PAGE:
Much has been written about the world’s heroes — big and small — but sometimes making a major difference in someone’s life doesn’t take a single word.
Six months ago, when Michal Taviv-Margolese started working as the Western Regional director for AMIT, a nonprofit operator of 108 schools in Israel, she started thinking more seriously about charity.
When the Etta Israel Center was hit by the recent economic downturn, its leaders weren’t satisfied with simply surviving the crisis, as they sought to provide services, including group homes, to local people with special needs. They wanted to grow.
Lauren Levine is settling in with a group of friends apartment to watch “American Idol,” when a look of panic comes over her face. She rummages around, finds her keys and darts out.“I left the hair thing on,” she says when she returns, breathless, from her own apartment downstairs. “I was straightening Jasmine’s hair before we came up here, and I forgot to turn it off. Wow. That was close.” Levine has wide blue eyes accentuated with sparkly eye shadow, and her voice is spiced with a sense of interested wonder.
The Etta Israel Center runs programs to teach Judaism to developmentally challenged children and young adults, as well as group homes for adults (its third home will open in the Valley in June) and a popular summer day camp. It helps Jewish day schools meet the learning needs of all its students, and has trained thousands of teachers in how to help all children learn through its Schools Attuned programs.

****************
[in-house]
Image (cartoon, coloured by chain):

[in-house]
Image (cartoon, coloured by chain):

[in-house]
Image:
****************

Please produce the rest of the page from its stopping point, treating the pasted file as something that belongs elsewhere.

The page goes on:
Families of individuals with special needs often feel a sense of helplessness and isolation from the community, as well as confusion about how to best help their loved ones. In an effort to give families the tools to cope with these issues, Etta Israel Center (EIC) will hold its second annual retreat May 20 from 10 a.m. to 4 p.m. at Shaarey Zedek Congregation in North Hollywood
For the first time in Los Angeles history, a Jewish home for the developmentally disabled is opening. Situated in North Hollywood, the home, under the supervision of the Etta Israel Center, will house six males in their mid-20s.